If you’re visiting Florida, and in particular the Orlando area, Merritt Island Wildlife Refuge on the east coast is well worth a visit, and only about 50 miles away. In fact you can combine a trip there and to the Space Centre as a day out. Although December to April is best for wildlife, in summer you can still see a good range of the species.
The refuge has a number of drives that you can follow but most people favour the Black Point Drive and a stop at the Visitor Centre. This January we drove up from Stuart and arrived about mid morning, so missed the very quiet part of the day. We paid the $10 entrance fee and started on the drive. Its about 7 miles long with a number of places to get out of the car. There are many information boards on the route, and most of the time you can pull over and take photos.
Within minutes of starting we were greeted with some great views of a male Cardinal and the people in the car in front had just seen an otter run across the road. January is the dry season in this part of the world so the area was very different from when we visited in July last year. There were large areas of mud flats, crisscrossed with foot prints of alligators that inhabit the refuge. In the pools that remain wintering birds gather, sometimes in large numbers.
A few hundred yards further along the drive we had some great views of a Reddish Egret, a new bird to my Florida list. It was feeding very close to the road in perfect light with the sun behind us. Not something you can always guarantee when viewing wildlife.
Merritt Island at this time of year is renowned for its winter visitors both of the human and feathered kind and our next stop was at an area that was populated by hundreds of pintail ducks.
Further along the drive we noticed two very distinctive looking ducks. They were Hooded Mergansers, which were swimming close to the shore. This was a bird on our hope to see list at the start of the drive. They were fishing for crayfish. There was plenty of evidence of the abundant underwater life as fish and crabs could be easily seen in the clear water and the reflections in the still water were beautiful.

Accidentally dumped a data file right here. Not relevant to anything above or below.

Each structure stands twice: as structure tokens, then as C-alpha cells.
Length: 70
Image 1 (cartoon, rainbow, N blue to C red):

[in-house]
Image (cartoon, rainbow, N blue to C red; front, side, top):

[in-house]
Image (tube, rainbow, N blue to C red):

Wild Bird Hiking Trail
There was the opportunity to park and get out of the car to walk along a track to some overlooks. Immediately we saw an otter disappearing quickly down a creek, too fast to take a photograph but a good view. Along the track two roseate spoonbills were feeding. Their colours were disappointing and they seemed quite small in size.
Herons, egrets and ibis were feeding or stalking fish. It was interesting to see them using their wing as a shade to get a better view of the fish. White peacock and Julia butterflies were numerous feeding on nectar from the flowers along the track. A Belted kingfisher perched high on the top of a bush preening his feathers. Walking towards the second overlook we saw the amazing site of a roseate spoonbill, in full colour taking a bath. They really are a beautiful bird and the colour is incredible. Totally oblivious to us he continued preening giving us the opportunity to observe his behaviour and take photographs.
Back to the drive and about half way around the route there’s another rest area and the start of the Cruickshank trail. Here you can take a short walk to an observation tower or opt for the five mile hiking loop. As we didn’t fancy the 5 mile route there was plenty to see in the mangroves around the parking lot.
Further along the drive the habitat changes to restored marsh and an open waterway that is home to numerous Alligators, varying in size from small two footers to enormous 10 to 12 footers, weighing in at 500 to 600 pounds
Towards the end of the drive, near stop 11, there is a stand of old pines, the location of an old eagles nest which had been abandon in 2013, but on our trip we were treated to views of a Bald Eagle. Perhaps he was thinking about re-establishing the nest site, and for us it was a great finish to the Merritt Island drive.